Where Do Missionaries Go?

N’oubliez pas l’Afrique francophone @Bourdanne #GCC2014 >> OUI!!!!

“Don’t forget Francophone Africa!” To which I added my own YES!!

Daniel was referring to the fact that a huge proportion of missionaries go to places where there are already lots of Christians, or as he also put it:

#GCC2014 When you look at the number of missionary agencies who base themselves in Nairobi you wonder if it’s mission or tourism @Bourdanne

This ties up with my experience of Nairobi, where I’ve often thought that you couldn’t throw stones for fear of hitting an evangelical missionary. Interestingly, when I tweeted this a number of people agreed with it, while others suggested that Chiang Mai in Thailand suffers in the same way. Someone else suggested that there are more missionaries in Nairobi than in the whole of Francophone Africa.

I realise there is a need for regional offices and stable, foreigner friendly cities are very attractive for them, but it is surprising how many missionaries you can find in tourist hubs!

However, leaving the issues of the big cities aside, I believe that Daniel has highlighted a significant issue. Missionaries are distributed in a very uneven way and the majority of them go to places where there is an established church and often many other missionaries. As Hannah put it in a post on the Wycliffe blog:

or every 20,000 Christians like you – Bible believing and living out their faith – only one will go to tell the gospel to an unreached people group.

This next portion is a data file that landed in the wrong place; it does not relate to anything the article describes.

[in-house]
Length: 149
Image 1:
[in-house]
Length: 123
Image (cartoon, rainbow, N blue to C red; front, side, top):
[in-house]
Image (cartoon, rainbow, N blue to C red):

Or as Martin Lee put it in his excellent talk to introduce the conference:

There are still vast numbers of people who have never heard of Christ and many countries still where Christians are few and far between. Indeed some countries have seen Christian fleeing elsewhere due to war and conflict and persecution such as Iraq and Syria.

Despite this according to the Atlas of Global Christianity, 85% of all Christian mission is aimed at other “Christians”. Much mission deployment is still trying to sustain the growth of the churches in Africa, Asia and Latin America.

Often when I am talking to church leaders, they will tell me that their church has a link with a church in Africa. Almost invariably this means in one of the Anglophone Countries in East Africa. This is understandable, it is easier to reach people who speak our language, and the relatively easy climate makes travel easier (not to mention the game parks). But these countries are also the ones that have the most Christians. I have never heard of a church in the UK which has a direct link to a Church in the Central African Republic, Gabon or Togo. These areas tend to be left for the mission agencies!

As we look at world mission, we can’t afford to forget Francophone Africa, or those other parts of the world that receive the fewest missionaries.

23 thoughts on “Where Do Missionaries Go?

  1. Simplistic question, I’m afraid. “Missionary” is at the same time a cover term for more than one kind of worker, and a label that not everyone who might qualify for will gladly use.